You are a professional investor are offered to invest in different projects in the short term. Bias as the Ellsberg paradox can influence you.

### Situation 1

- Investment 1: if an industrial project A is successful, you can reach a profitability €1.1 M. If the project is not successful, you get your money back. You do not lose or win anything. You have no information about the chance of success of the project.
- Investment 2: if an industrial project B is successful, you have 50% chance to reach a profitability of €1M and 50% to get your money back as in the investment 1 (You do not lose or win anything).

Which project do you choose?

### Situation 2

- Investment 1: if an industrial project A is
**not**successful, you can reach a profitability €1.1 M. If the project is successful, you get your money back. You do not lose or win anything. You have no information about the chance of success. - Investment 2: if an industrial project B is successful, you have 50% chance to reach a profitability of €1M and 50% to get your money back as in the investment 1 (You do not lose or win anything).

Which project do you choose?

Most of us choose, in both cases, to invest in the second option with known probabilities of success.

**Do you see the contradiction?**

We have no information on the industrial project so we need to make hypotheses about the chance of success.

As we are indifferent to bet on the success or on the failure of the industrial project, we can say the probability is 1/2.

If so, we should choose the investment 1 in the first situation since its expected return is higher than the investment 2.

Perhaps we are not so confident in project A and we attribute a lower probability of success, let’s say 40%. In this case, it is rational to choose the investment 1 in the first situation…but not anymore in the situation 2!

In fact, whatever the probability we subjectively attribute to the success of project A, it will be inconsistent to choose in both situations the investment 2.

**Ambiguity aversion** and neuroscience

This bias is called the uncertainty or ambiguity aversion. It refers to the fact that we try as much as possible to avoid uncertainty.

In behavioral economics, risk refers to a situation where there is a known probability to get A or B (like in investment 2). Uncertainty refers to a situation where there is an unknown probability to get A or B (like in investment 1).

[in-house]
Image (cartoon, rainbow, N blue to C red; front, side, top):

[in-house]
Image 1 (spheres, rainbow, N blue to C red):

According to some studies in neuroeconomics (Camerer and al,2005), ambiguity aversion is very close to risk aversion except that it implies the part of our brain related to fear (activation of amygdala) contrary to risk aversion, which implies our reward system (striatum activation).

We are risk averse, but we are even more uncertainty averse.

**The** Ellsberg paradox

In the 1970s, the economist Daniel Ellsberg theorized this ambiguity aversion bias through the famous Ellsberg paradox. The paradox is presented as a game, and it exists in a number of different versions.

In the most famous version, participants were presented with two fists full of marbles. The right fist contained 50% of red marbles and 50% of black marbles.

The left fist contained an unknown quantity of red marbles and an unknown quantity of black marbles. Invariably, when given a choice of which fist they wanted to pick either a red or a black marble out of, they chose the right fist. On the surface, making the choice that offers a 50/50 chance seems obvious. In reality, one is just as likely to pick the correct-colored marble from the left fist, with an unknown mix of marbles.

## Applications to finance

Ambiguity aversion affects our daily decisions and in particular our financial decisions. We tend to avoid investing in something we do not understand and whose probability of failure or success is hard to estimate. We are also more confident to invest in something we have the impression to know better.

In finance, this can lead us to invest in domestic markets or in sectors we are more familiar with. This specific behavior is called home bias and affect professional as well as retail investors.

## References

Hsu M, Bhatt M, Adolphs R, Tranel D, Camerer CF (2005): Neural systems

responding to degrees of uncertainty inhumandecision-making.

Science 310:1680 –1683.

88. Huettel SA, Stowe CJ, Gordon EM, Warner BT, Platt ML (2006): Neural

signatures of economic preferences for risk and ambiguity. Neuron

49:765–775.

Cognitive Biases, Ambiguity Aversion and Asset Pricing in

Financial Markets

Elena Asparouhova, Peter Bossaerts, Jon Eguia, and Bill Zame‡